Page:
They stepped on to the walkway and the marble felt soothingly cool under their bare feet. There was a smattering of people around. Some sat quietly by the water’s edge, moved by the soul-stirring calmness of the beauty surrounding them. Some prayed with their foreheads touching the ground or simply with their hands folded. Some were busy at work, sweeping the night’s accumulation of dust and dirt from the black-and-white marble f loor, while others still lay asleep, wrapped in light cotton blankets.
Soothing hymns sounded softly from loudspeakers attached to the walls along the edge of the walkway. Even though Shiv and Veer did not understand the words, the simplicity of the music stirred them. The loud sound of drumbeats came rolling from one part of the temple complex. Fully awake now, Shiv and Veer ran in the direction of the drums and it was now Amma’s turn to try and keep up with them. Where the drumbeats were coming from, a crowd had gathered in front of a multi-storeyed building made of white marble with brightly lit golden domes topping its roof.
‘This is the Akal Takht, the timeless throne,’ Amma told them.
In the middle of the crowd stood a golden palki, a palanquin. Its walls were engraved with intricate designs and it was lined with red velvet on the inside. It was exquisite. As one group of people decorated it with strands of marigold and roses, another group made its way towards it from the Akal Takht. In their midst, a man with a long silver beard stood wearing a brightblue turban, a sword hanging from a cloth belt tied around his waist. On his head he carried, with great reverence, a bundle wrapped in white silk.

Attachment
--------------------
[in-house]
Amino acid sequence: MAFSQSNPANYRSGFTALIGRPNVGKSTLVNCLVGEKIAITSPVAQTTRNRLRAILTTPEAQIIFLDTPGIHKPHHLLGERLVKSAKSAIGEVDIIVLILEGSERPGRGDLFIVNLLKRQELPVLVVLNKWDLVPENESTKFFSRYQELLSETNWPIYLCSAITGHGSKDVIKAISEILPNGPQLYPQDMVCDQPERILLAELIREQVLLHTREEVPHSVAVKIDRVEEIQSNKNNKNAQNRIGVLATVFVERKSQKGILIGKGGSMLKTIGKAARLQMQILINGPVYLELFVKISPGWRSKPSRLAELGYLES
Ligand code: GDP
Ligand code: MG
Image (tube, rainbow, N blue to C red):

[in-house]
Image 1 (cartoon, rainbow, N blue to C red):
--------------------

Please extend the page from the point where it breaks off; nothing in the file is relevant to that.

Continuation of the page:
‘Is that the guru, Amma?’ Shiv asked, tugging at Amma’s dupatta. ‘Is he really 400 years old?’
Amma smiled mischievously and said, ‘Yes and no. Yes, that is the guru and it is indeed 400 years old. But if you are asking me whether that man is the guru, then no, he is not. That man is carrying the guru.’
‘What!’ Veer exclaimed. ‘What do you mean, he is carrying the guru?’
‘The bundle on his head is the guru. It is a book called the Guru Granth Sahib, a collection of hymns, poems and words of wisdom of the real gurus from their lifetime, and of other wise men from more than 400 years ago. The Sikhs consider this book to be their guru.’
Shiv and Veer looked at Amma as if they had been cheated.
‘Don’t look so disappointed, boys! There is a wonderful story about how this book came to be the guru and I will tell you about it later. Now, let’s not miss out on the ceremony!’
People were craning their necks to look above those in front of them for a glimpse of the precious bundle as it was being carefully placed inside the palki. Then a group of men lifted the palanquin. Others ran towards it, some to take turns at helping to carry it, others just to touch it. People showered rose petals on the bearers and a single chant arose from the crowd: ‘Wahe Guru! Wahe Guru! Wahe Guru!’ A long procession soon formed behind the palki, swallowing Amma, Shiv and Veer as they moved along with it.
Get ready for your child to guide you through the Golden Temple the next time you visit!
Coming soon — ‘Amma, Take Me to Tirupati’.